When Urban Meyer took over the Ohio State football program in January, Kenny Guiton was on the verge of receiving a one-way bus ticket back home to Texas. On Saturday, Guiton earned a lifetime position in Buckeye lore, engineering an improbable comeback in the final minute of regulation as Ohio State beat Purdue, 29-22, in overtime.
The junior backup quarterback was thrust into a leading role when Braxton Miller suffered an apparent head injury late in the third quarter. The Buckeyes were trailing 20-14 at the time and in need of a major spark on offense.
They got it. But it didn’t come until they were nearly out of time.
Ohio State took possession of the ball at its own 39-yard line with 47 seconds left in the game and no timeouts. On the first play of the drive, Devin Smith, as he has so often late in games, got behind the defense for 39 yards. An eight-yard completion to Evan Spencer put Ohio State inside the red zone. After an incomplete pass, 23 seconds remained. On 3rd-and-2, Carlos Hyde gained three yards for the first down. After a spike and an incompletion, Guiton lobbed a pass to the end zone for Spencer, who had badly beaten Purdue cornerback Josh Johnson. Realizing he had no chance to make a play on the ball, Johnson interfered with Spencer.
Eight seconds and, in all likelihood, two plays remained. But Guiton would only need one.
On the next snap, he found Chris Fields open at the goal line. A poorly thrown ball nearly derailed Ohio State’s touchdown, though, as Fields had to dive for the ball. The play went to the replay booth, but it was ruled a touchdown with three seconds left.
It sent the 105,290 fans in attendance – actually less because several thousand left – into a frenzy. But Ohio State still had to convert the two-point conversion.
Offensive coordinator Tom Herman ran a play called Y Hide, and it worked to perfection. Guiton first went to his right, where the rest of the offense shifted except for tight end Jeff Heuerman, who came back left and was wide open for the game-tying points.
However, it was nearly the play that wasn’t.
“I asked him before we got the ball, I said, 'What’s our two-point play,'” head coach Urban Meyer said. “The offensive line was screaming at me to run the ball. I mean, screaming, and same with Carlos Hyde. And I almost changed that play. I said, ‘Tom, let’s pound it at them.’ He said, ‘No, let’s go with this.’ So he won that battle.
“Great call, great execution.”
Ohio State took possession of the ball first in the overtime. With momentum working in his favor, Guiton connected with Jake Stoneburner on a 17-yard reception down the middle of the field on the Buckeyes’ second play. Three plays later, Hyde found the end zone to give Ohio State its second lead of the game.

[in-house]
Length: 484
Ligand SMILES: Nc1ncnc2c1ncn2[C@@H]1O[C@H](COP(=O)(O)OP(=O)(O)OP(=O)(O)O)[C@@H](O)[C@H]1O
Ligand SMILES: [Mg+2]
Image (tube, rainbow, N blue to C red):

Purdue never gained a first down in the extra period. On 4th-and-5, quarterback Caleb TerBush was hurried and overthrew his receiver in the end zone.
“Some of the efforts I saw tonight were legendary,” Meyer said. “That was a moment that I'll certainly never forget.
“Forty-seven seconds, no timeouts. I just can’t say enough about it.”
Said Herman: “That was the greatest team win I’ve ever been a part of.”
Guiton finished 6-of-11 passing for 77 yards with one touchdown and one interception. Miller was 9 of 20 for 113 yards with a pick. He only had 47 yards rushing on 12 carries, scoring a touchdown but also losing two fumbles.
Miller was taken to the Ohio State University Medical Center because of concerns of a concussion. He underwent head, neck and shoulder tests but was symptom-free of all ailments. He was released.
Hyde finished with 91 yards and two touchdowns, while Fields had 44 yards receiving and a touchdown.
In its past two games, Purdue’s defense was shredded by Michigan and Wisconsin for more than 1,000 yards, including 771 yards rushing. Ohio State could never get things going, though, finishing with 342 total yards and 152 rushing.
Purdue was able to rack up passing yards, but the Ohio State defense played arguably its best game of the season. The Boilermakers had 230 yards through the air but 83 of them came on one play.
TerBush completed 19 of 30 attempts for 230 yards with two touchdowns and one interception.